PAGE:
The ultimate feat for an ambitious law student is a U.S. Supreme Court clerkship, an opportunity bestowed on only the top graduates - often from Ivy League law schools.
So when Cecelia Klingele was chosen for the elite job, she was the first UW-Madison Law School graduate in more than 60 years to make it to the high court's inner chambers.
As clerk for Justice John Paul Stevens, she spent the last year wading through the most important constitutional questions of the day. After that experience, a big firm might have offered her a $250,000 signing bonus. Instead, she chose to come back to Madison for a two-year teaching appointment at the UW-Madison law school.
"There were many appealing options, but when this opportunity presented itself, we were excited to have it," she said.
Klingele, 33, isn't what one pictures from an attorney who just came from the halls of power. The graduate of Wisconsin Rapids High School has an unassuming manner, a pixie voice and, oh yeah, six children.
She has five girls - ranging in age from 6 weeks to 11 years - and a 21-year old foster son that she and her husband, Brad, adopted. Although she had two children in law school and was pregnant during the end of her clerkship, she shrugs off the notion that her accomplishments are any more impressive because of her large brood.
"I understand that people seem to be amazed that I have so many children, partly because it's unusual to have larger families these days," she said. "But also, men aren't asked the same questions...I think the answer is I do it the same way anybody would. I have a supportive husband and a great extended family and friend network."
Klingele's new job at the law school also offers her some flexibility. She's teaching a course on criminal justice for first year law students this semester.
Klingele's path to the Supreme Court started in law school, where she was a stand-out student who worked on projects at the school's criminal justice center, the Frank J. Remington Center.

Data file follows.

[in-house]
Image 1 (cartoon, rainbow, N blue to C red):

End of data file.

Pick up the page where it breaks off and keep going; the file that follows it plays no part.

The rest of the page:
Walter Dickey, professor and director of the center, calls her "the best student I ever had."
After law school, she clerked for two years for Barbara Crabb, chief district judge for the Western District of Wisconsin, and for Judge Susan H. Black of the U.S. Court of Appeals for the Eleventh District.
"She is a very, very hard worker," Crabb said. "Very bright, very kind, very compassionate. She has an enormous ability to analyze legal issues and a great sense of concern for all of the people who are litigating."
Crabb encouraged her to apply for a clerkship with Stevens. Klingele said she flew to Washington D.C., interviewed with the justice, and got the call that she was hired while still in the Supreme Court gift shop, getting knick-knacks for her family.
As a clerk, Klingele got an intimate look at one of the most influential and cloistered institutions in the country. Yet, what she can say about the experience is very limited. Because the justice is considered her client, she can't give out information about the cases on which she worked.
"It's sort of sad to have this great experience and not be able to share it," she said.
With Stevens' three other clerks - most justices have four - she was responsible for reading through the 10,000 some petitions from people asking the court to overturn a lower court's decision. She also helped Stevens prepare for oral arguments, conduct research on opinions, and review the facts in death penalty cases.
With six children, Klingele's stint on the court couldn't all be serious. Yes, she spent some long nights on the couch at the office.
But her children had an affectionate nickname for the longest-serving Supreme Court justice, who has a propensity for a certain type of neckware: Justice Bowtie.